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How Much Better Can Car Tech Get? All Your Burning Questions Answered!

In this post, we take a look at what top manufacturers have in the pipeline and how it could make drivers’ lives better. 

Carbon Fiber Chassis

Carbon fiber technology has been around for more than four decades. But it’s still not in widespread use because of the cost. There are some top-of-the-range supercars that use it, but they’re a rare breed indeed. 

It’s all to do with the actual cost of weaving and constructing carbon fibre. Most processes still require doing it by hand. To make a car out of carbon fiber could take more than a thousand hours of painstaking labor. And any defects in the material require specialists to start over again. 

However, innovators are refining machine-based technologies that could make carbon fibre much cheaper. After all, the material itself is ridiculously abundant in the Earth’s crust. It’s just a way of figuring out how to transform it into something useful. 

The benefits of carbon fiber chassis for vehicles are tremendous. They’re much lighter than regular metal, and so manufacturers could use them to bring down the weight of their cars, enhancing fuel economy. The material is also wonderfully strong – something that could help to protect passengers in the event of an accident. 



Pollution is a significant issue in many of today’s cities. Yes, pollen is a problem. But so too are diesel fumes and viruses. Today’s state-of-the-art are great, but if you’re like me, you’ve probably had problems with them. They are one of the reasons why my AC is not blowing cold air. Filters become clogged and, eventually, cause problems to other parts of the climate control system. 

Advanced biofilters, however, take a different approach. These could capture particles on the microscopic level while also alerting you if you need to change or clean them. In the future, many will contain nanosensors that will inform you of filter usage and when you require a service. 

Dynamic Aero

Some cars, such as a Pagani Huayra, offer dynamic aero. The idea is to change the aerodynamics of the car, depending on the speed you’re travelling. That’s because the aero needs of vehicles change the faster that they go. Downforce isn’t necessary at low speeds – and it can even harm the performance of your vehicle. However, as you go faster and faster, it becomes increasingly necessary. 

Currently, most cars have fixed wings. But that could be changing as servo technology becomes cheaper. Most production cars will likely have body panels that change orientation depending on the velocity in the future, giving drivers more confidence and control.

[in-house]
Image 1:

The military has been using HUDs for many years to give pilots a clearer display of the combat zone while also providing them with essential information. But the same technology could be coming to cars too. 

What makes this cockpit advancement so special is that it allows the driver to keep their eyes on the road at the same time. They don’t have to look down to their control panel or dashboard. Instead, they can potentially do everything from their steering wheel, without having to move their head. 

HUDs also provide the opportunity to include smart labelling. So for instance, a camera connected to the heads-up-display could label potential hazards in the driver’s field of view that they might not have seen. They could even identify signs of sleepy or drunk drivers in busy highway traffic based on behavioral signals. 


Brain Control 

Brain control sounds like a hopelessly futuristic technology. But it may be coming to a car new you sooner than you think. British company Land Rover is already trialling the technology for various non-essential vehicle functions. 

But what actually is this new tech? Well, the idea is to place a kind of electrode on your scalp which will then enable you to access things like navigation and music without having to actually say anything or press any controls. The hope, according to Land Rover and other proponents, is that the technology will reduce instances of distracted driving. Whether it’s worth adapting brain control to cars, though, remains an open question. We could get fully autonomous vehicles before that happens. The tech could be thirty years away right now – we just don’t know. 

Mobility, therefore, is probably going to change considerably over the coming years. Right now, we might not even be able to imagine the kind of innovations that could occur. But it is fun to think about. 

Edel Alon
Edel Alon
Edel-Ryan Alon is a starving musician, failed artist, connoisseur of fine foods, aspiring entrepreneur, husband, father of two, geek by day, cook by night, and an all around great guy.



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